US CLIVAR Newsgram September 2014
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September 2014 Edition

  1. Announcements

  2. Meetings and Workshops

  3. Community News

  4. Funding Opportunities

  5. Jobs


Call for US CLIVAR Workshops

Requests for US CLIVAR-sponsored workshops (including scientific conferences and meetings) are now being solicited for 2015. Each year, workshops of scientists are sponsored to coordinate, develop, plan, and implement new or focused activities for the benefit of the community. Once a request is submitted, it will be presented to five US funding agencies (NASA, NOAA, NSF, DOE, and ONR) for their consideration. Workshops may be national or international in scope and participation. Requests are due to the US CLIVAR Project Office by October 17.  

Call of US CLIVAR Working Groups
Prospectuses for two new Working Groups, sponsored by US CLIVAR, are now being requested for initiation in 2015. Working Groups consist of approximately 10-15 scientists and expedite coordinated efforts to implement focused activities to address critical scientific challenges within a two to three year timeframe. They may be jointly formed with other national and international programs and should benefit the US CLIVAR program and larger research community. The deadline for prospectuses is October 17.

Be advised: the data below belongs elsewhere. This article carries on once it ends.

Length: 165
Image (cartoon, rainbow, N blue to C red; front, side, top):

Meetings and Workshops

Ocean’s Carbon and Heat Uptake: Uncertainties and Metrics
December 12-14, San Francisco, CA

Registration closes on September 30 for the workshop on Ocean’s Carbon and Heat Uptake: Uncertainties and Metrics, organized jointly by the Ocean Carbon Uptake and Southern Ocean Working Groups of US CLIVAR and OCB.  The workshop aims to catalyze interdisciplinary communication and collaboration to explore the processes governing heat and carbon uptake in key oceanic regions (e.g., Southern Ocean, North Atlantic, tropics). The meeting will address challenges in representing these processes in climate models, critical observational targets in these regions, and the development of data/model metrics to improve models and guide future observational campaigns. Participation is open to the community, but will be limited to 75 scientists and based on brief application responses.

World Ocean Science Congress 2015
February 5-8, 2015, Kochi, India

The first World Ocean Science Congress will be held in India with a theme of Protect Oceans for Prosperity. There will be a focus on five additional topics to the theme: ocean resources, ecosystem services, climate change, operational oceanographic services, and ocean policy. Deadline for abstract submission is December 15. 
2015 Aquatic Sciences Meeting
February 22-27, 2015, Granada, Spain

The Association for the Sciences of Limnology and Oceanography (ASLO) will host its next meeting in Spain to focus on global and regional patterns of aquatic systems in diverse northern and southern inland water biomes and oceanographic provinces. There are a variety of sessions of interest, such as atmospheric deposition and ocean biogeochemistry, deep sea carbon flux dynamics, and assessing marine ecosystem health. Registration is open and abstracts are due by October 10.
March 8-11, 2015, Pacific Grove, CA

The theme for the 2015 PACLIM workshop is Droughts: Reconstructing the past, monitoring the present, and modeling the future. PACLIM is a multidisciplinary workshop that broadly addresses the climate phenomena occurring in the eastern Pacific Ocean and western North America. Early registration and abstracts are due December 10.